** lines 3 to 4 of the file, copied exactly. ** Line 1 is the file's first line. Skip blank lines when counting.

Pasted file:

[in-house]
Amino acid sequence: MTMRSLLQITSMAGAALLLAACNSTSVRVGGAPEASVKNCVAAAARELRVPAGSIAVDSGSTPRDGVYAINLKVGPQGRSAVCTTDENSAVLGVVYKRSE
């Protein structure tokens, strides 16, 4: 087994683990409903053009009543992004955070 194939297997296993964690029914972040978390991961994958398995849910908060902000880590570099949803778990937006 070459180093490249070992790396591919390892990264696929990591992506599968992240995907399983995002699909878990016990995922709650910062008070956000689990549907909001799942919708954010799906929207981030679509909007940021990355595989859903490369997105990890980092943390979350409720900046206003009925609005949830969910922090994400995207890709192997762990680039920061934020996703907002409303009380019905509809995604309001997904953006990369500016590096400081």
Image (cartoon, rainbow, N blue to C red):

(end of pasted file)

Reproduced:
């Protein structure tokens, strides 16, 4: 087994683990409903053009009543992004955070 194939297997296993964690029914972040978390991961994958398995849910908060902000880590570099949803778990937006 070459180093490249070992790396591919390892990264696929990591992506599968992240995907399983995002699909878990016990995922709650910062008070956000689990549907909001799942919708954010799906929207981030679509909007940021990355595989859903490369997105990890980092943390979350409720900046206003009925609005949830969910922090994400995207890709192997762990680039920061934020996703907002409303009380019905509809995604309001997904953006990369500016590096400081």
Image (cartoon, rainbow, N blue to C red):